Stern also noted that Chelsea’s location attracts families from the North Shore, East Boston, Cambridge and Somerville. “It’s a secret gem right in the middle of the action,” she said.


The Walnut Street Synagogue offers monthly Shabbat and holiday services, classes on a variety of Jewish topics and holidays, and pastoral counseling and services. Rabbi Kagedan is the founding member of the Chelsea Interfaith Council and has met with the City Manager and other non-profit organizations about partnerships and integrating the shul with the Chelsea community.


The shul is supported by its board and members and by the Chelsea community at large, including citizens, city councilors and non-profit organizations. There are 120 members, and it operates as a fully Orthodox shul, with a mechitza on Shabbat and during high holidays services. The Jewish Chelsea Home generously opens its doors to the Rabbi and her family and guests to stay over on Shabbat.


Somehow, Rabbi Kagedan also finds time to serve on several professional and religious boards. “My peers have been largely supportive and open. Once people meet me and get to know me and see or experience the work I am doing, there is less anxiety and hype about being a woman Orthodox rabbi and people see me as just simply an Orthodox rabbi,” she said.


For now, Chelsea and the Walnut Street Synagogue are her prime focus. “Chelsea was at one time a real center of Jewish life in the region. My priority is to get Chelsea back on the radar of Jews in Massachusetts and to let people know the Walnut Street Synagogue is operational,” she said.


This is music to Richard Zabot’s ears. He remembers as a child when all 1,109 seats would be occupied during the High Holidays. “The shul hasn’t lost any of its charm or awe. We’re inviting 900 new people to join us this Yom Tov and be part of the preservation of the future,” he said.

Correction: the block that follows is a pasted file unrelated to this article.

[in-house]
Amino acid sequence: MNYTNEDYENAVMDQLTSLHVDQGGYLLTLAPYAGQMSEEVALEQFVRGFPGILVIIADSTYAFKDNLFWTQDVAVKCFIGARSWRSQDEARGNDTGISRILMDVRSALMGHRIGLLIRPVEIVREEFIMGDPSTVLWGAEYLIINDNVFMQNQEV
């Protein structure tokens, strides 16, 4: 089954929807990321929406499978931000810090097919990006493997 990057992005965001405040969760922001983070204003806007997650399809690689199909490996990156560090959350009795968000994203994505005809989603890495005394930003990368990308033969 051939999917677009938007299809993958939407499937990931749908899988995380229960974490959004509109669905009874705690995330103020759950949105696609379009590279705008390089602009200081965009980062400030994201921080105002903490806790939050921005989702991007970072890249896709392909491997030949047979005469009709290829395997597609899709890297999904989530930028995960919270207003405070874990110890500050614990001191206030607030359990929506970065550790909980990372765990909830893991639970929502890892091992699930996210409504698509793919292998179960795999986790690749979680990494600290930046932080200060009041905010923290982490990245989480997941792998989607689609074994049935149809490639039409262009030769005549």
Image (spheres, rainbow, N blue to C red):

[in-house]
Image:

A Living Chain of Tikkun Olam in Chelsea

CHELSEA — Aweis Hussein tends his family’s vegetables in a community garden located at Chelsea’s Temple Emmanuel. He grows okra, tomatoes and corn, staples in his native Somalia.

Eleven years ago, Hussein and many from his current Chelsea Somali Bantu community lived in a Kenyan refugee camp. He arrived at the camp in 1991 at the age of 14, in need of protection and sanctuary from the relentless persecution and discrimination the minority Bantus suffered in their homeland.

Chelsea 2
Aweis Hussein

Today, ten years after arriving in Chelsea, he is the community organizer and leader of the SCA (Shanbaro Community Association). The SCA operates under the umbrella of the Chelsea Collaborative, an organization founded in 1988 to enhance the social, economic and environmental health of the Chelsea community and its people. The SCA’s mission is to support the 400+ Somali Bantu refugees living in the greater Boston area as they forge community relationships and adjust to their new surroundings.